Circular economy thinking through sustainable design

One crucial strategy companies should consider, underscored by the current materials shortage, is leveraging circularity throughout the EV lifecycle, beginning with sustainable design.

Figure 1. Circularity of an electric vehicle

By streamlining the EV design from the outset with a sustainable end in mind, the main components intentionally are designed to be upgraded, recycled for longevity, and to have precious/recoverable materials easily extracted from them upon return. New EV battery technologies and lifecycle planning are required to advance the storage of power for future use. The non-recyclable components of the EVs can be designed with a proper disposal framework if there is no alternate use for them.

This level of modular circular innovation reduces waste and lowers greenhouse gas emissions, thus creating a new sector of technology focused on the recovery and reuse of EV critical materials and components, and co-creation of manufacturing solutions. By harnessing the value from existing materials, in particular e-waste, billions can be saved in material costs, and the carbon footprint of EVs significantly reduced. Research and development in technology, including self-driving technologies, AI, mapping, remote sensing, 5G infrastructure, and cloud computing, supports EV ambitions and innovations for the next generation of clean technologies.

Meeting demand while improving compliance

Innovators, however, must always look to balance the power of their creativity with the potential consequences of their actions, considering potential regulatory and lifecycle thinking with the consequences for human health and the environment. Building the connected EV will not be enough—the full carbon footprint must be controlled as well, and demand can only be met if companies are able to stay ahead of environmental, social, and corporate governance (ESG) and corporate and social responsibility (CSR) requirements from stakeholders—and not just in their own work.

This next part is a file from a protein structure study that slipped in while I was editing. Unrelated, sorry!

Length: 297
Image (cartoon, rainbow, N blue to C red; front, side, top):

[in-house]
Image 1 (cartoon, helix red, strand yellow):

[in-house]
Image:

Reputational and stakeholder risks require extended producer responsibility through the responsibly sourced supply of materials such as key minerals, petroleum-based products (plastics and polymers), and rubber. With accelerated manufacturing practices, manufacturers will have to scale their controls, processes, and Environmental, Health, Safety, and Sustainability (EHSS) practices to ensure the wellbeing of their employees. Barriers that impede production now will only become more critical to successfully navigate as production picks up speed, and in other mature EV markets—such as those in Europe—companies are already expected to miss government-set targets to meet fleet-average CO2 emissions. This will not only lead to a loss in revenue and reputational damage, but also will incur fines from regulators.

With the end in mind, joint and accelerated design, from mine to recovery and reuse, the EV ecosystem can meet the delivery of the volume of EVs by building the connected EV.